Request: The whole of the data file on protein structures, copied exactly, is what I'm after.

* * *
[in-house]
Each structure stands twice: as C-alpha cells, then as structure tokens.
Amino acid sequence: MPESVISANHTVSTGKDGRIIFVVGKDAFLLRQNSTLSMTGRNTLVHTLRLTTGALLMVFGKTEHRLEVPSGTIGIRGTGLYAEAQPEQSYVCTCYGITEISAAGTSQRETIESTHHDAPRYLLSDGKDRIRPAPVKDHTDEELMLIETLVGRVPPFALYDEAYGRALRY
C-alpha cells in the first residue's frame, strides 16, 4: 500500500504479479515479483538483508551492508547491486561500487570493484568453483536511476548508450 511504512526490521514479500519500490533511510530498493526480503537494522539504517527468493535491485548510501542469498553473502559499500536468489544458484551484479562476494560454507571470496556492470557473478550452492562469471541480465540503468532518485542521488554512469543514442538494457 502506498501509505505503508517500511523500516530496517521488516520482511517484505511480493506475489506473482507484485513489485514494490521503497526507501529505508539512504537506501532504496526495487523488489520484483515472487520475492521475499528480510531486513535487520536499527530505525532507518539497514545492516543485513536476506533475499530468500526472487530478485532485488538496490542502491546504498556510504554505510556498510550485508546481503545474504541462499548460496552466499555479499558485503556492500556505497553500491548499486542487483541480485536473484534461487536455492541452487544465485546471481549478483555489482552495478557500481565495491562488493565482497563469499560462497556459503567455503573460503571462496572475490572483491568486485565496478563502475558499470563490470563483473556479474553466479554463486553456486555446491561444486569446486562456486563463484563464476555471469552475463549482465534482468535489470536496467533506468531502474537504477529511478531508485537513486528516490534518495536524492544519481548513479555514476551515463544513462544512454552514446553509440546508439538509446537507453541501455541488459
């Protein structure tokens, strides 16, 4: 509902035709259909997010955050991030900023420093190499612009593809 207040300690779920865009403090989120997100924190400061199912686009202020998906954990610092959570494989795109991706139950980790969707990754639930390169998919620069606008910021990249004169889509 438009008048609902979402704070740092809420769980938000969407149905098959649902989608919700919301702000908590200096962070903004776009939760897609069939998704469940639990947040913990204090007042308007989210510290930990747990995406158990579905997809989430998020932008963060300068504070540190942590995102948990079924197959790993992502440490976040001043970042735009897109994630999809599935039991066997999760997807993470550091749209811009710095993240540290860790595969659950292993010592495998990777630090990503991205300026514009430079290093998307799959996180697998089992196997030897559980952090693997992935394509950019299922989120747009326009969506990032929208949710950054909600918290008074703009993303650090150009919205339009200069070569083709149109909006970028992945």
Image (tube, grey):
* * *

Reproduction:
[in-house]
Each structure stands twice: as C-alpha cells, then as structure tokens.
Amino acid sequence: MPESVISANHTVSTGKDGRIIFVVGKDAFLLRQNSTLSMTGRNTLVHTLRLTTGALLMVFGKTEHRLEVPSGTIGIRGTGLYAEAQPEQSYVCTCYGITEISAAGTSQRETIESTHHDAPRYLLSDGKDRIRPAPVKDHTDEELMLIETLVGRVPPFALYDEAYGRALRY
C-alpha cells in the first residue's frame, strides 16, 4: 500500500504479479515479483538483508551492508547491486561500487570493484568453483536511476548508450 511504512526490521514479500519500490533511510530498493526480503537494522539504517527468493535491485548510501542469498553473502559499500536468489544458484551484479562476494560454507571470496556492470557473478550452492562469471541480465540503468532518485542521488554512469543514442538494457 502506498501509505505503508517500511523500516530496517521488516520482511517484505511480493506475489506473482507484485513489485514494490521503497526507501529505508539512504537506501532504496526495487523488489520484483515472487520475492521475499528480510531486513535487520536499527530505525532507518539497514545492516543485513536476506533475499530468500526472487530478485532485488538496490542502491546504498556510504554505510556498510550485508546481503545474504541462499548460496552466499555479499558485503556492500556505497553500491548499486542487483541480485536473484534461487536455492541452487544465485546471481549478483555489482552495478557500481565495491562488493565482497563469499560462497556459503567455503573460503571462496572475490572483491568486485565496478563502475558499470563490470563483473556479474553466479554463486553456486555446491561444486569446486562456486563463484563464476555471469552475463549482465534482468535489470536496467533506468531502474537504477529511478531508485537513486528516490534518495536524492544519481548513479555514476551515463544513462544512454552514446553509440546508439538509446537507453541501455541488459
């Protein structure tokens, strides 16, 4: 509902035709259909997010955050991030900023420093190499612009593809 207040300690779920865009403090989120997100924190400061199912686009202020998906954990610092959570494989795109991706139950980790969707990754639930390169998919620069606008910021990249004169889509 438009008048609902979402704070740092809420769980938000969407149905098959649902989608919700919301702000908590200096962070903004776009939760897609069939998704469940639990947040913990204090007042308007989210510290930990747990995406158990579905997809989430998020932008963060300068504070540190942590995102948990079924197959790993992502440490976040001043970042735009897109994630999809599935039991066997999760997807993470550091749209811009710095993240540290860790595969659950292993010592495998990777630090990503991205300026514009430079290093998307799959996180697998089992196997030897559980952090693997992935394509950019299922989120747009326009969506990032929208949710950054909600918290008074703009993303650090150009919205339009200069070569083709149109909006970028992945």
Image (tube, grey):